Special Nutritional Needs for Children Below 1 Year

Kids have nutritional needs even before they are born. A mother’s nutrition is important even while her baby is still in her womb. A healthy, varied and nutrient rich diet that consists largely of whole, natural foods can ensure that the baby’s nutritional requirements are met even before birth. So, what are the specific things to keep in mind regarding nutrition of children below the age of 1 year? Let’s have a look.

For Children up to 6 Months of Age

Most experts agree that mother’s milk (or formula in the alternative) is the most nutritionally complete and ideal food for a baby and that most babies need only that for the first six months of age. Vitamin D supplement is often prescribed in addition to breastfeeding because this is one nutrient that may not be adequately supplied by mother’s milk.

baby-nutritionBabies born prematurely or with any disabilities could have special nutritional needs. Babies with medical conditions or deficiencies or developmental disabilities may need not only medication but also appropriate nutritional supplementation. A clinical assessment will determine these special needs.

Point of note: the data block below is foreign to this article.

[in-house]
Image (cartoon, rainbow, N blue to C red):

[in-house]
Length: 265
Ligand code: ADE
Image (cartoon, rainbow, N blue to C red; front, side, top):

Some babies may be ready for solids as early as 4 months, showing an interest in other foods and the ability to manage and swallow them. However some babies may show no interest in other food until past 6 months.

For Children up to 1 Year of Age

The proportion of breast milk of formula can start to decrease gradually from after 6 months of age as a child is introduced to solids of different tastes and textures. Protein and complex carbs are required for babies of this age.

Eggs, fruit and vegetable purees, clear soups, baby cereals, softened rice and legumes and other dairy products can gradually be introduced. If a child doesn’t seem to like the taste of a new food, or if it seems to disagree with baby, leave it off for a while and then introduce it at a later time.

When you first introduce solids to a baby, make sure that you introduce healthy, nutritious foods. Research has shown that the tastes and food habits that a baby develops early in life will probably form lifelong habits. So rather than packaged fruit juice, use pureed or pulped whole fruit and let your baby gradually develop a liking for these.

Make the effort to give your baby a wide variety of fruit and vegetables and other whole, natural, unprocessed food from early on in life. This will create a taste for them so that your baby already has healthy eating habits when he or she is reaches an age when they are more likely to be fussy about food.